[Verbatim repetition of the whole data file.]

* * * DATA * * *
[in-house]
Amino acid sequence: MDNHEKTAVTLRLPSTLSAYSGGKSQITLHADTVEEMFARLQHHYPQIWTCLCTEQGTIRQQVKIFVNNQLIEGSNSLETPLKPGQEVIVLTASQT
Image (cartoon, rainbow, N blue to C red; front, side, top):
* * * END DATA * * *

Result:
[in-house]
Amino acid sequence: MDNHEKTAVTLRLPSTLSAYSGGKSQITLHADTVEEMFARLQHHYPQIWTCLCTEQGTIRQQVKIFVNNQLIEGSNSLETPLKPGQEVIVLTASQT
Image (cartoon, rainbow, N blue to C red; front, side, top):